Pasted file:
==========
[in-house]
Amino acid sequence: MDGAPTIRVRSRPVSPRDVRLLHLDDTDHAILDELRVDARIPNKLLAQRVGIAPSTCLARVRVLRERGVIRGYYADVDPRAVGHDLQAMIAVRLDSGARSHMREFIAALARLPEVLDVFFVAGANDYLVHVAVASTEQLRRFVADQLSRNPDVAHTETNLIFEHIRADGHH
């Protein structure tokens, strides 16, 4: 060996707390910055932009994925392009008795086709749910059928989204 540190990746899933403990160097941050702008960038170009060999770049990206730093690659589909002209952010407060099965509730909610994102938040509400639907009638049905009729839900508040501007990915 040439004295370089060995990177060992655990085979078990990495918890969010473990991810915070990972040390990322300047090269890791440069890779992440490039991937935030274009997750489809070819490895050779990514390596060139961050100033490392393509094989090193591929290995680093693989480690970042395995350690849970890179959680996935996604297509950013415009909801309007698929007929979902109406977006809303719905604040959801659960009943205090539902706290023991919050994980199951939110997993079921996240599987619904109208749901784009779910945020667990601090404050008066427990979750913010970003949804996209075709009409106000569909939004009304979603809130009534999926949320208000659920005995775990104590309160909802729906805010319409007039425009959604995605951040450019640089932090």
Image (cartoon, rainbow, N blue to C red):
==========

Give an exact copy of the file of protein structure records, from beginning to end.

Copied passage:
[in-house]
Amino acid sequence: MDGAPTIRVRSRPVSPRDVRLLHLDDTDHAILDELRVDARIPNKLLAQRVGIAPSTCLARVRVLRERGVIRGYYADVDPRAVGHDLQAMIAVRLDSGARSHMREFIAALARLPEVLDVFFVAGANDYLVHVAVASTEQLRRFVADQLSRNPDVAHTETNLIFEHIRADGHH
């Protein structure tokens, strides 16, 4: 060996707390910055932009994925392009008795086709749910059928989204 540190990746899933403990160097941050702008960038170009060999770049990206730093690659589909002209952010407060099965509730909610994102938040509400639907009638049905009729839900508040501007990915 040439004295370089060995990177060992655990085979078990990495918890969010473990991810915070990972040390990322300047090269890791440069890779992440490039991937935030274009997750489809070819490895050779990514390596060139961050100033490392393509094989090193591929290995680093693989480690970042395995350690849970890179959680996935996604297509950013415009909801309007698929007929979902109406977006809303719905604040959801659960009943205090539902706290023991919050994980199951939110997993079921996240599987619904109208749901784009779910945020667990601090404050008066427990979750913010970003949804996209075709009409106000569909939004009304979603809130009534999926949320208000659920005995775990104590309160909802729906805010319409007039425009959604995605951040450019640089932090």
Image (cartoon, rainbow, N blue to C red):